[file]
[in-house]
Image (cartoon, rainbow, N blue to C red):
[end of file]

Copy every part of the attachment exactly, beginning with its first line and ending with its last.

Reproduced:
[in-house]
Image (cartoon, rainbow, N blue to C red):